us politics vote democrats

(Image credit: OLIVIER DOULIERY)
Katherine J. Igoe
Contributing Editor

Katherine’s a contributing syndications editor at Marie Claire who covers fashion, culture, and lifestyle. In her role, she writes stories that are syndicated by MSN and other outlets. She’s been a full-time freelancer for over a decade and has had roles with Cosmopolitan (where she covered lifestyle, culture, and fashion SEO content) and Bustle (where she was their movies and culture writer). She has bylines in New York TimesParentsInStyle, Refinery29, and elsewhere. Her work has also been syndicated by ELLEHarper’s BazaarSeventeenGood Housekeeping, and Women’s Health, among others. In addition to her stories reaching millions of readers, content she's written and edited has qualified for a Bell Ringer Award and received a Communicator Award.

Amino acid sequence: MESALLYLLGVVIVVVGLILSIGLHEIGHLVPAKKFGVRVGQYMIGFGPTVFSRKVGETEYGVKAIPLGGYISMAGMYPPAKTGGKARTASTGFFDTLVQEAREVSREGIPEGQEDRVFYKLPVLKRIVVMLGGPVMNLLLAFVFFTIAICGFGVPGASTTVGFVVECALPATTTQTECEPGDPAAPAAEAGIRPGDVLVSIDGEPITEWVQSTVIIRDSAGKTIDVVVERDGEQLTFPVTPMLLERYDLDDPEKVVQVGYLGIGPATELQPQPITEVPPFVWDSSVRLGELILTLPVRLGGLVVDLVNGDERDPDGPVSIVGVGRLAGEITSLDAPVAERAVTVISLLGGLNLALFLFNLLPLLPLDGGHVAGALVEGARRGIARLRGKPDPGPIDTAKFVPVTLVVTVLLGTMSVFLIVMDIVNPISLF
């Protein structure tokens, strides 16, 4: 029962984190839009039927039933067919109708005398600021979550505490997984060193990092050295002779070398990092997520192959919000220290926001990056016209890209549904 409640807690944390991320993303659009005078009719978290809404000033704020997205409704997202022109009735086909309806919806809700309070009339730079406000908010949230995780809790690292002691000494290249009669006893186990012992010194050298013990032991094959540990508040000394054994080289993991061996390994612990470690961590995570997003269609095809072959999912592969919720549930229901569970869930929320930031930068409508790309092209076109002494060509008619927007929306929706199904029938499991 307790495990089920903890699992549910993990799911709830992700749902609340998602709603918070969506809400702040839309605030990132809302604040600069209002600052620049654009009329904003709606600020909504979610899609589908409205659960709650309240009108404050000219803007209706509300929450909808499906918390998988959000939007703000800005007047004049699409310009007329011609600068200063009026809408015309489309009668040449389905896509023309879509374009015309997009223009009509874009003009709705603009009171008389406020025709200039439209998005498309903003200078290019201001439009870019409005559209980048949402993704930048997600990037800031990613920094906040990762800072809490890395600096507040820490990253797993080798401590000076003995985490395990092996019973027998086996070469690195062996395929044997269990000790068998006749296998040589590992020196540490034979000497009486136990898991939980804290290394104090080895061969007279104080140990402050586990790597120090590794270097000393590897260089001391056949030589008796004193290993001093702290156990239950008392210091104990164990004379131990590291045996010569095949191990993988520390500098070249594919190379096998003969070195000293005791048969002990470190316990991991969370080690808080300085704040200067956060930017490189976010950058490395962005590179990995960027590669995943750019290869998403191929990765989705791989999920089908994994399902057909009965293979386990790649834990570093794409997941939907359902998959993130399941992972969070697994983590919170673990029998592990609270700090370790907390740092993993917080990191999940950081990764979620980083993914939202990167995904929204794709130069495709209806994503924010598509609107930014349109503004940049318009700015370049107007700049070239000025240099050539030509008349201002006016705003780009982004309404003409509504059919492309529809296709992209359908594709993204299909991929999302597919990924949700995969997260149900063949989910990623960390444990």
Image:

Katherine has a BA in English and art history from the University of Notre Dame and an MA in art business from the Sotheby's Institute of Art (with a focus on marketing/communications). She covers a wide breadth of topics: she's written about how to find the very best petite jeanshow sustainable travel has found its footing on Instagram, and what it's like to be a professional advice-giver in the modern world. Her personal essays have run the gamut from learning to dress as a queer woman to navigating food allergies as a mom. She also has deep knowledge of SEO/EATT, affiliate revenue, commerce, and social media; she regularly edits the work of other writers. She speaks at writing-related events and podcasts about freelancing and journalism, mentors students and other new writers, and consults on coursework. Currently, Katherine lives in Boston with her husband and two kids, and you can follow her on Instagram. If you're wondering about her last name, it’s “I go to dinner,” not “Her huge ego,” but she responds to both.